Flash's Grant Gustin Says Flashpoint Story Line Could Happen On The Show
In a new interview with The Hollywood Reporter, The Flash star Grant Gustin revealed that he felt Flashpoint, the universe-shattering DC Comics event story, could take place on the series.
Note: This story discusses spoilers from the upcoming pilot for The Flash.
The THR story spoils the ending of the pilot, in which fans discover that, as actor Tom Cavanagh has hinted, there's more to S.T.A.R. Labs founder Harrison Wells than meets the eye.
"We're going to slowly find out more about Harrison Wells and what the hell is going on there," Gustin said. "What the coolest thing about that moment, to me, is they're setting up the fact that the Flashpoint story line [from the comics] could potentially happen — that Speed Force could be an aspect and time travel is potentially a part of the show."
Of course, time travel was a strong aspect of The Flash for years before Flashpoint took place, and the scene in question doesn't actually tease Flashpoint specifically but rather time travel in general. In fact, there is another, major DC Comics event story teased specifically and by name in that scene, which neither Gustin nor THR reference in the interview.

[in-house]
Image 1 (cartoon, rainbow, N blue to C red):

Elements of Flashpoint are seeded throughout the pilot, though; the notion of the Reverse-Flash killing Barry's mother, an idea created by Flashpoint writer and The Flash Executive Producer Geoff Johns in The Flash: Rebirth, is clearly alluded to, and that plot beat was the impetus behind the events of Flashpoint.
It's probably safe to assume that a universal reboot won't happen in the Arrowverse, even if Flashpoint is used in some way. The storyline, which gave way to DC's The New 52 publishing initiative, was also adapted into an animated feature film as Justice League: The Flashpoint Paradox. That film, which was released on the same day The CW announced that The Flash would appear on Arrow with an eye toward getting his own series, rebooted the DC Universe animated feature films as a coherent universe, rather than the series of stand-alone movies they had been.